Is It Safe to Go Out to Eat?

If you are set on dining out, there are three simple things that can be done to reduce risk.

Resturants all around the nation were closed due to tightening COVID regulations. Now, the reopening gradually begins.

States are slowly reopening across the United States. After weeks of stay-at-home orders, 30 states have already started reopening certain nonessential services, sit-in restaurants among them. Just because you can go out to eat, however, doesn’t mean the risks have materially disappeared. This begs the question: Is it safe to go out to eat- and should you?

The short answer: it depends.

Levels of risk in restaurants differ from community to community, individual to individual, and are based on several factors. There are, however, several key precautions that have been proven to significantly lower risk of transmission.

Community

Checking the coronavirus cases and transmission rates in your town before going out is always advisable. Still, the Atlantic Monthly recently found that many states’ reopening plans for public dining areas don’t even meet White House guidelines- checking if your community is one of those could help you make more informed decisions. Regardless of the community, however, experts generally agree that getting take-out is always a safer option as opposed to dining in.

Individual

It goes without saying that anyone experiencing COVID-like symptoms should stay home. However, there are certain other groups at an increased risk of contracting the virus- the CDC identifies them as “high-risk” groups. 

There is no such thing as “zero risk” in these uncertain times: Everything you do will potentially expose you to the virus. ”

Those who fall into these “high-risk” populations include those who are in frequent contact with nursing homes, those with moderate to severe asthma, and those with diabetes or chronic health issues. Even more at risk, says New York Medical College dean Dr. Robert W. Amler, is the elderly- defined as anyone over 65 years of age.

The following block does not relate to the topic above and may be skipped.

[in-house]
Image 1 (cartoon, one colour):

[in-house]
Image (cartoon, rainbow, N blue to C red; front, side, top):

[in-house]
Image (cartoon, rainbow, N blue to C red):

Key Precautions

If you are set on dining out, there are three simple things that can be done to reduce risk. Firstly, use a mask when not eating or drinking to protect yourself from unwanted respiratory droplets that could stay in the air for as long as 14 minutes, the New York Times reports. Secondly, try to find a table outside: While restaurants are being encouraged- and compelled, in some cases- to reduce capacity, studies have found that the virus transmission rates are far greater inside. Thirdly, and perhaps most importantly, be aware of your surroundings and ask yourself questions: Are the waiters wearing masks? Are you touching shared surfaces? Are tables 6 feet apart?

There is no such thing as “zero risk” in these uncertain times: Everything you do will potentially expose you to the virus. To mitigate risks, stay home as much as possible; don’t go out unless it’s absolutely needed- at the end of the day, curbside pick-up and delivery options are the way to go.